Passing a variable number of arguments to a function

Chris Rebert clp2 at rebertia.com
Fri Feb 13 00:51:25 CET 2009


On Thu, Feb 12, 2009 at 3:44 PM, mercado <python.dev.9 at gmail.com> wrote:
> I have the following piece of code that is bugging me:
>
> #-------------------------------------------------------------------------------
> def someFunc(arg1, arg2=True, arg3=0):
>     print arg1, arg2, arg3
>
> someTuple = (
>     ("this is a string",),
>     ("this is another string", False),
>     ("this is another string", False, 100)
> )
>
> for argList in someTuple:
>     if len(argList) == 1:
>         someFunc(argList[0])
>     elif len(argList) == 2:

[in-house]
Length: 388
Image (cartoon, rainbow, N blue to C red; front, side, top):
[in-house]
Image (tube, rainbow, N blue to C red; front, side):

>         someFunc(argList[0], argList[1])
>     elif len(argList) == 3:
>         someFunc(argList[0], argList[1], argList[2])
> #-------------------------------------------------------------------------------
>
> Is it possible to rewrite this code so I don't have that awkward if
> statement at the bottom that passes every variation in the number of
> arguments to the function?  I know that it's possible to define a function
> to accept a variable number of parameters using *args or **kwargs, but it's
> not possible for me to redefine this function in the particular project I'm
> working on.

There is a nicely symmetrical calling syntax that does the inverse of
* in a function declaration:

for argList in someTuple:
    someFunc(*argList)

There's also an analogous func(**dictOfKwdArgs) call syntax.

Cheers,
Chris

-- 
Follow the path of the Iguana...
http://rebertia.com



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